Today I'm showing one of two different ways to insert a sleeve in stretch clothing. In woven fabric, you pretty much have one option - make the bodice and then add the sleeve. But stretch has some flexibility. You can join the side seams and then add the sleeve, or you can join the sleeve first, and then do the side seam and sleeve seam all in one go.
The latter is the flat method, and the one I will be demonstrating in this post. This is the way commercial t-shirts are made, and its a bit faster than the other approach.
I did my best to get good photos of this, but it was a bit of a struggle to get everything in the frame.So I made some little diagrams too. If there's anything unclear, pop a note in the comments and I will make sure I get back to it.
First things first, I am starting by joining the shoulder seams and finishing the neck edge.
So I have a front and back. In this case I'm working with a cowl neck shirt, but for the sake of simplicity, my diagrams are for a regular crew neck.
|Join shoulder seams|
You can also do one shoulder, then the neck, then the other shoulder. But we can talk about that another time.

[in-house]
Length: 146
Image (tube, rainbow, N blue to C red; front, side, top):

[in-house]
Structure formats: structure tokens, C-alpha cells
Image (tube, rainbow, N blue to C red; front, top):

Once front and back are joined, you line up the sleeve.
Match the sleeve notches and centre of the sleeve seam with the shoulder seam, right sides together.
A quick word on notches. I clip into my seam, which is generally how commercial clothing is made. I try and keep those clips small.
You may see patterns with outward facing notches.
|Commercial pattern with inward notch markings.|
|Notching outwards. This can be difficult to cut out because you're going in and out, rather than straight along the seam line.|
|Clips straight into the notch markings.|
In this case, I've clipped inwards.
I match the clips front and back. Convention says that the further towards the back of the garment, the more notches in the pattern. So here, there is a single notch at the front of both sleeve and bodice pieces, and double notches on the back of both sleeve and bodice. This is how you get the sleeves facing the correct way!
Once those points are joined, pin the rest of the sleeve and join.
Now I have the front, back and sleeve joined. Naturally, this process should be repeated on the other side. (Although I'm just doing the one here for demonstration purposes).
When you have the sleeves joined at the shoulder, fold right sides together, and match side seams and sleeve seams.
I'm including an additional layer here, hence the contrasting colour.
Sew along the sleeve and side of the shirt in one seam.
The end of the sleeve is finished after joining.
And that's it!
It's probably fairly obvious why this method is favoured by commercial construction as it is fairly quick.
But since I have a one-sleeved shirt at the moment, I will show you the other method next time.